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I was going to take the leap today and cancel my landline (insert your “old-fashioned” joke here). But when I went to [insert communication provider’s] website, I was led down a rabbit hole of bad user interface decisions, one after another—it was the web equivalent to the annoying “press 1 for option A” recorded customer service voice that makes you want to hang up and pick a new provider.
(Skip this paragraph if you don’t want to be annoyed.) First was the (relatively thin) main dropdown menu that appeared on hover. I had to mouse down, then over in the exact right spot—it took four tries to click on “Contact Us.” That produced another static dropdown panel with another “Contact Us” option. I then had to select from a large menu of options of things I might be calling about (pay your bill, set up email, careers). I select “move or cancel service.” Now I have to select what service I am calling about. From there, I had to decide between FAQs or a “call us” link. From there I am led to a list of accordion menus repeating the service options I already saw, but the accordion from my previous choice is defaulted to “open.” NOW I see an actual phone number. That is six choices I have to make just to see a phone number.
If I had been calling to, say, add a service, I would have seriously reconsidered based on that experience. User experience is just as important as good customer service. A poor user experience is just as bad as a rude waitress, annoyed cashier or condescending bank teller—they all lead to a poor impression of the overall brand, which can lead to bad word of mouth (read: nightmare for your brand).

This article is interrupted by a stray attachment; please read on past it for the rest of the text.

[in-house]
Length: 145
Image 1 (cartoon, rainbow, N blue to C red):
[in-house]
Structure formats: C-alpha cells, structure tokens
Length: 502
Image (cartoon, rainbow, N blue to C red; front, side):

User experience isn’t rocket science—but it IS a science. And an art. (An artful science?) It comes down to asking, “What do my users need? What do they want? What is the simplest, easiest way I can give that to them?” You want to get real answers to those questions (hence, the science-y part) by doing usability testing, stakeholder interviews, treejack tests, A/B test, etc.
And it’s not just online. If I shop in your store and receive a coupon on my receipt to take an online survey, but the URL to the survey is broken, that’s a missed connection. If your ad in a local magazine lists the address of the store 500 miles away (when there is one smack dab in the middle of my city), that’s a missed connection. It’s connecting the dots of your brand, no matter how a user may interact with it. User experience is a way to add depth, delightfulness and meaning to your brand. Don’t let another missed connection detract from that.
Now let’s talk about that dated logo…